A theoretical investigation is made of the propagation and interactions of nonlinear internal wave beams in density-stratified fluids. These are fundamental time-harmonic disturbances that derive from the non-isotropic nature of internal gravity-wave motion. Attention is focused on the following specific problems: (i) the instability of wave beams to short-scale subharmonic disturbances, a prominent mechanism of breakdown and turbulence generation according to recent experimental and numerical studies; (ii) three-dimensional reflections of nonlinear beams from a sloping boundary, including the case of near-critical reflection, that occurs when the angle of incidence to the horizontal nearly matches the boundary slope; (iii) three-dimensional collisions of nonlinear beams and the associated scattering of energy. These physical phenomena are tackled by formulating mathematical models that are analyzed by asymptotic and numerical methods. The theoretical predictions are compared against related laboratory experiments and field observations.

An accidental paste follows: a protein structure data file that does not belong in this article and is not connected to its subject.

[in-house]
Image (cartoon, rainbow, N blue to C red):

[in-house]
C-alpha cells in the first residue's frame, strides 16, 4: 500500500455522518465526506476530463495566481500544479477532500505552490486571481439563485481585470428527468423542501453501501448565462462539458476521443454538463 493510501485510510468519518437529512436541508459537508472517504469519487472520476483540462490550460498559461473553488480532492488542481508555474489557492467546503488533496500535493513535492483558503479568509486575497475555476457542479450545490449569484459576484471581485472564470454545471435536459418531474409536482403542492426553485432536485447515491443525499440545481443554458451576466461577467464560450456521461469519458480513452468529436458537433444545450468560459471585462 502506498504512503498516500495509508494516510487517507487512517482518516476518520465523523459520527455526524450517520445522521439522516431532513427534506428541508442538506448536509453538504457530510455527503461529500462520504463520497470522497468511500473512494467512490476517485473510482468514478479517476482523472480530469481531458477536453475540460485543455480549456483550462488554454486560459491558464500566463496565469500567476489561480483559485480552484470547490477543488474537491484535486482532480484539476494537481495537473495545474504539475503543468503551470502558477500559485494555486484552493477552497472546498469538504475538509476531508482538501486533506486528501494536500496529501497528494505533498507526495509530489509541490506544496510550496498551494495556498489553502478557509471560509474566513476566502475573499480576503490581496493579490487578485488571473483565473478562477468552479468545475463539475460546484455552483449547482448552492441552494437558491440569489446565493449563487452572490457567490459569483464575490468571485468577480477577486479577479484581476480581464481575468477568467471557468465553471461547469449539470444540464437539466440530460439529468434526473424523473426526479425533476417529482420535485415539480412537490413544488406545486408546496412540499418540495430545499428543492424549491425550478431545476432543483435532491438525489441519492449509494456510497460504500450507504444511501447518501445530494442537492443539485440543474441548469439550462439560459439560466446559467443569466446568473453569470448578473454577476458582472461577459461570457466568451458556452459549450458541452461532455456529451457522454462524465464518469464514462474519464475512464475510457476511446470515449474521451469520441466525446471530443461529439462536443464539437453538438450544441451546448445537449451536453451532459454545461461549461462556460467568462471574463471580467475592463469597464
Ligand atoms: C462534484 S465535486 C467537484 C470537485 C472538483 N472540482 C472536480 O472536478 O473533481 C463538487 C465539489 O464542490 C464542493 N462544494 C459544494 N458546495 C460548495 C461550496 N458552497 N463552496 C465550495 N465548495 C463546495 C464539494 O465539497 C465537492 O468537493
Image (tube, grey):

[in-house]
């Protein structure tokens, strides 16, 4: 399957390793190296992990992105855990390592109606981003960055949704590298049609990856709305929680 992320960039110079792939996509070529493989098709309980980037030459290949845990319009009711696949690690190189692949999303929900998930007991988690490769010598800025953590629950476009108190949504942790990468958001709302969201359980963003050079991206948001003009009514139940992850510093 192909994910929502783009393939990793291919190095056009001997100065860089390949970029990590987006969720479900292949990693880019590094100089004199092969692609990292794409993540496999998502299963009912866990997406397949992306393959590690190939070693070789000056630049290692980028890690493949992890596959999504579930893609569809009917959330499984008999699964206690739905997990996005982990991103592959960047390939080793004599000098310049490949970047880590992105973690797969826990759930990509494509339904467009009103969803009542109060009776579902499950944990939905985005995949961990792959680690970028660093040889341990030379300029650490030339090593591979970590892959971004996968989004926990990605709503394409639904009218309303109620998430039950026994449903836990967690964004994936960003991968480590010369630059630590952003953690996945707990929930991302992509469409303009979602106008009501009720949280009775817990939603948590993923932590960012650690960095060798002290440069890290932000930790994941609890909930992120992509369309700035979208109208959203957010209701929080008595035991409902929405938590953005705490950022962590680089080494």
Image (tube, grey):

Internal wave beams play an important part in natural fluid bodies, like the oceans, lakes, and the atmosphere, where density stratification is mainly caused by temperature variations; there are numerous observations of internal wave beams in the atmosphere due to thunderstorms, as well as in oceans due to the interaction of tidal currents with the continental shelf and sea-floor topography. This project is motivated by the need to understand and model quantitatively the mechanisms responsible for the transfer of energy from tide-generated internal wave beams to deep-ocean mixing, which in turn affects ocean circulation, climate change, pollutant dispersal, and nutrient cycles. Moreover, the results of this study would be of basic value in geophysical fluid dynamics and applied mathematics.